Laura Howes and David Sait select some highlights from the 2011 ASE conference in Reading
Examination assessment of How Science Works
A capacity session led by Andrew Hunt at the Asssociation for Science Educaton (ASE) conference gave the preliminary findings of a report on the specification and assessment of How Science Works (HSW) at GCSE.
Hunt, together with a team from across the science education community, wrote the report on behalf of Science Community Representing Education (Score).
The aims of the Score project are to clarify and define HSW, to give all involved in GCSEs ideas about what it is and how it can be assessed, and to create a bank of test items that provide models for senior examiners and illustrative exercises for teachers and pupils.
Hunt explained that everyone seems to have different ideas of what HSW actually is and gave some examples from the specifications that makes it clear that there is currently no consensus on what should be taught, or in how much depth. Extracts from recent examination papers show a tendency to focus on low-level questions such as "Give the advantages and disadvantages of GM crops" that can lead to the inference that HSW is all about social issues.
In conclusion, Andrew said that we need to develop the rationale for the teaching of HSW together with exploring new approaches to assessing it.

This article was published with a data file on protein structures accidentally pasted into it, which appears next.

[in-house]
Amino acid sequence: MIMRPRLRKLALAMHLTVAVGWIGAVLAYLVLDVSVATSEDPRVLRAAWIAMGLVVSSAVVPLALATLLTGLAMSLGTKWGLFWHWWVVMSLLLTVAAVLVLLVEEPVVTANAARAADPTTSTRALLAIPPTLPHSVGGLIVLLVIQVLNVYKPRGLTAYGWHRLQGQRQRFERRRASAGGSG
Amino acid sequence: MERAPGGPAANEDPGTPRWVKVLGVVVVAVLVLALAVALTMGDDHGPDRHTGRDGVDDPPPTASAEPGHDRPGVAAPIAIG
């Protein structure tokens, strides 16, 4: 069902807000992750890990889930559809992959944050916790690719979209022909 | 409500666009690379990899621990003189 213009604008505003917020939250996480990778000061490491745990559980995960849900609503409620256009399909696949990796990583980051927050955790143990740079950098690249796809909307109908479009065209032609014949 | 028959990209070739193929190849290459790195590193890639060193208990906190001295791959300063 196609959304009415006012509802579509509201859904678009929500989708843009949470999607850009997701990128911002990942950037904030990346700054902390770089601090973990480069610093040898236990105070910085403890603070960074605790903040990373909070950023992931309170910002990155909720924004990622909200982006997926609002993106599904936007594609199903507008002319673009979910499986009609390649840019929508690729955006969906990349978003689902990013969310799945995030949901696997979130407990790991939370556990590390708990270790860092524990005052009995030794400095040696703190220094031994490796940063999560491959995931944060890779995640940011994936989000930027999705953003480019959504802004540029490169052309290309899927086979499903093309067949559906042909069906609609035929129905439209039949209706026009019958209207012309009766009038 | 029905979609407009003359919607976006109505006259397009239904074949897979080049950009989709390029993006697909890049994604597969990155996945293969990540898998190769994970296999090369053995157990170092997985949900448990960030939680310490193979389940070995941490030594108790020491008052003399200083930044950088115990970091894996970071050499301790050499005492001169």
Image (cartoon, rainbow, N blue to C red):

The report is due to be published later this year.
Science Learning Centre Yorkshire & the Humber presented a session on their Science Without Walls programme, an innovative scheme to deliver subject knowledge enhancement for teachers by video conference. Requiring only a standard PC, webcam and internet connection, it provides an easy way for teachers to receive information about up-to-the-minute contemporary and controversial scientific issues without the need to come out of school.
The Open Conference programme provided the opportunity for a number of speakers to offer a 15 minute talk about any subject, express views or share their expertise or experiences.
Presenters included Anthony Hardwicke from the ASE on the Researcher in Residences scheme and Diane Aston from the Institute of Materials, Minerals and Mining (IOM3), who discussed IOM3's Schools Affiliate Scheme, together with their support literature and planned resource boxes.
Ben Goldacre, Harper Collins and Cornwall learning have worked together to create lesson plans and teaching materials based on Goldacre's Bad Science book and newspaper column. At the ASE, Cornwall learning walked teachers through the resources and performed one of the exercises with the group. Look out for a review in a forthcoming issue of EiC.